My friend and I were among the youngest of those in attendance while everyone else were older parents or grandparents. Two other young guests were friends and not native New Yorkers (one, named Madison, was originally from Florida and the other, Kit, was Canadian) but had lived in the city since graduating college. This dinner was a belated birthday gift for Madison, being that she’s a bit of a foodie. “But I can’t cook,” she quickly admitted, to the amusement of everyone at the table.

Another older pair of guests were native New Yorkers, both retired, from Brownsville, Brooklyn — the same neighborhood I’m originally from. They responded knowingly when I mentioned my grandma and mother’s intense nervousness anytime I was out playing as it grew dark, violence being one of the neighborhood’s defining characteristics. Brownsville remains largely unchanged, untouched by many of the markers of gentrification that have reached into seemingly every other part of the borough has.

Fourth course featuring grilled oyster and marinated swordfish

Fourth course featuring grilled oyster and marinated swordfish

Given the nature of the platform, EatWith hosts have to entice potential guests to choose their experiences among a crowd of other options usually by having a wealth of positive reviews and captivating photos. The company was acquired by a similar Paris-based startup, VizEat, two years ago and has since moved to expand into more communities globally. This means hosts who focus on non-Western cuisines like Ai or Linda Sebisaho, who puts on dinners in Harlem, experience a bit of added pressure. Sebisaho, a Congolese immigrant who spent most of her teenage years in upper Manhattan,  even chose to label her dinners “pan-African” to mitigate her guest’s expectations, but still has even encountered criticism from a guest who were anticipating a “big African experience.” Sebisaho said she feels pressure to strike a balance between catering to a largely Western audience and serving food the way she wants.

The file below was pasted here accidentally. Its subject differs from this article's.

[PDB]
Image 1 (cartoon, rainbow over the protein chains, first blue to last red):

“Unless you are presenting your food in a Western style people are very afraid to try it,” Sebisaho explained. “You still have to filter in order for people to want to try it — I feel it happens a lot on the platform. Sometimes if I make this [dish] the same way I would make it back home then it will not look presentable. You end up putting a lot of effort into filtering the food, putting it through a Western lens.”

Sixth course featuring rainbow trout over mugwort paste and sauce

Sixth course featuring rainbow trout over mugwort paste and sauce

By the time Ai served a crisp Fuji apple granita and bean cake with jello matcha to close out the meal, I’d forgotten the nervousness that had marked the beginning of the experience, and that I’d simply scheduled it through a website. It felt like the group had happened to have all been in town at just the right time and decided to meet and catch up. Rather than manufacturing the experience I had down to the last detail, EatWith felt like it created an opportunity for new communal connections I don’t normally encounter in my everyday life.

After presenting the last course, Ai crouched at one end of the table and told us a little more about her experience hosting — that she did this once a week, typically, or more if there was enough demand. She was self-taught, having built up a culinary repertoire from a foundation of traditional techniques and recipes from her mother, and had no interest in working in a restaurant because this experience allowed her more freedom to just have fun with her cooking and experimentation.

I couldn’t help but feel wildly lucky to be in her home; her words connected in my mind to those of my own mother, who I’m convinced is the greatest cook to ever grace this earth, and who has always told me the greatest gift she could ever give someone is a little salt and rice. In her view, food was the quickest way to welcome someone into a friendship. As I hugged each of the guests and Ai goodbye for the evening, I felt that spark of simple, friendly connection. I felt more at home in Brooklyn than I had in a while.